Now people would argue about the partly Voice-Acting. In German we would have an Phrase for that: "Nichts halbes, nichts ganzes". (Nothing Half, Nothing Full) I don't know if there is an similiar Phrase in English for that, but it kinda means, to do something halfheartly - like an Shooter-RPG where neither the Shooter nor the RPG Aspect really works. And i have kinda disagree with that. Because as example, Breath of the Wild showed how perfectly it can be done. You have in the one side, on the real important Aspects, Voice Acting, which is more cinematic and greater in the Storytelling, in the other Hand in the rest of the Game, on NPC Dialogues and such, the Game gives you the freedom of your imagination. So it's a win-win Situation for both sides. Divinity Original Sin 2 will obviously be different, due how not the important Lines are with voice-acting, but more the Backgroundtalking, but in Case of Divinity Original Sin 2 this fits as well, due it feels more alive, while you focus with your Imagination and such on the Important things. Again, different approaches, both are good due they fit their Concept.

And now on an pretty personal matter, for me such Games are important, to lay back. A lot of modern Games are so overflown with effects, with Graphics which phew-phew-lightning, and all day talking, it gets pretty stressfull and exhausting for every game. Thats why i'm happy for Games like this, where i can enjoy the silence!

Agares #603934 23/05/17 04:14 PM
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I like full voice acting. If we can't have it, then I prefer how Shadowrun did their story, they kept the writing short but concise, not overly wordy, but still set the tone etc, imo it was brilliantly done. I also prefer the Nintendo way of presenting text, not all at once, but prints to screen at a pace, if that had a slider in the UI to adjust for each reader, all the better. That way imo you can get more wordy with the user not knowing how long initially the text is, as it displays at your pace of reading.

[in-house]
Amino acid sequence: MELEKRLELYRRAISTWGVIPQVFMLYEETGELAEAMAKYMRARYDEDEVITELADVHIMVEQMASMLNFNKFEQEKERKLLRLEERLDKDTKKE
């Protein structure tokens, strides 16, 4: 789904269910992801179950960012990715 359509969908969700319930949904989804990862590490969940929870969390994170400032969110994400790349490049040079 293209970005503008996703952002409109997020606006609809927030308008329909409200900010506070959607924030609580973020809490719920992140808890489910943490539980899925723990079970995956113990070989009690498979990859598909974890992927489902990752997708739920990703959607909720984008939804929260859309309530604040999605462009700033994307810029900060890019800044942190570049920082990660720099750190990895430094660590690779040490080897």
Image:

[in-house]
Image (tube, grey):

Agares #603938 23/05/17 04:31 PM
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I can only guess that people are (hopefully) already used to the way DO:S was implemented.
Not like those people who asked if the "missing" voice acting in Drakensang 1 was a bug.


When you find a big kettle of crazy, it's best not to stir it.
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"Interplay.some zombiefied unlife thing going on there" - skavenhorde at RPGWatch
Agares #603940 23/05/17 05:06 PM
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There's no way they can do voice acting for the player's characters, the way dialogue is currently worded is quite ambiguous - to allow you to invent your own phrasing to specific situations, for example.

*imply that he's a moron for believing such ridiculous notions*

This is not a specific statement, but rather an explanation of the intent. It would be extremely difficult to add voice acting to this, as they would have to change the wording on every one of them to add specific text to the choices.

Last edited by Twiztedterry; 23/05/17 05:07 PM.
Agares #603941 23/05/17 05:49 PM
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I admit that voice acting for some written word games is quite difficult.


When you find a big kettle of crazy, it's best not to stir it.
--Dilbert cartoon

"Interplay.some zombiefied unlife thing going on there" - skavenhorde at RPGWatch
Agares #604433 29/05/17 07:18 PM
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Personally, I prefer more dialogue without voice acting. I never felt like hearing the characters speak would improve the experience for me.

Also, the more I read* a character's thoughts the better I feel like I understand them. Making the conversations more concise would take this away.

I also think that the amount of resources that fully voicing the game requires might be better spent improving other aspects of the game that are more central to the rpg experience.